His most recent assignment has been comparatively easy, though no less harrowing: setting up nutrition clinics and cholera treatment centres in South Sudan, his sixth assignment for MSF. “The project for which I was responsible provided medical care in the form of nutrition clinics and cholera treatment centres for communities affected by the civil war which started in late 2013. The conflict has led to large numbers of people who have been displaced which has resulted in camps of people affected by malnutrition and other diseases such as cholera.” MSF treated more than 800 cholera cases over 10 days, saving many lives in the process.

Humanitarian being

Different types of projects in different locations obviously require approaches specific to the environment and context but Seawright says there are some commonalities across all humanitarian projects. “This includes managing teams of international and national staff, negotiating humanitarian access with civil and military authorities and activity planning. In insecure settings, such as South Sudan, a significant amount of security management is needed. In short, keeping the team working and safe is the core role of the project coordinator.”

There are even many similarities between humanitarian and non-humanitarian projects, he adds. “While the issues encountered managing field projects are often different to those faced working at home the experience from managing projects is directly transferable. Staff, financial and project management are integral parts of any management position.”

The experience goes the other way as well, he acknowledges. “Good field management requires staff to be confident that you will make the right decisions often in difficult circumstances. However this is made easier with experience gained by working in regular, non emergency projects.”

So how do you know if you’re cut out for managing humanitarian projects? Seawright says a calm disposition and an ability to handle pressure and difficult living conditions are “an essential requirement”. He also warns that the highly rewarding work does come with a price: time away from friends and family. As such, undertaking field is not to be taken lightly.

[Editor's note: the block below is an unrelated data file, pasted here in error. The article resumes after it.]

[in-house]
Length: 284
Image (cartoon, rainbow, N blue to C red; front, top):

From a technical perspective, Seawright lists “experience managing staff, finance and budgets, along with project management and negotiating experience” as useful skills. Most importantly, however, you need a desire to help others. “The job can be challenging at times and a strong humanitarian interest is needed to maintain the motivation needed to deal with difficult situations,” he explains.

One key thing Seawright has learnt is the difference between leading teams and managing teams. “Teams which are led well outperform those which are simply managed well,” he states. “This is especially true in field situations where teams rely on the project coordinator to develop new initiatives, push for positive change and look to you to make critical decisions.”

You don’t need to be medically trained to join Médecins Sans Frontières. If you’re interested in applying for a project coordination role, visit www.msf.org.au/join-our-team to find out if you’re eligible.

Author avatar
Adeline Teoh
Adeline Teoh is the editor and publisher of ProjectManager.com.au. She has more than a decade of publishing experience in the fields of business and education, and has specialised in writing about project management since 2007.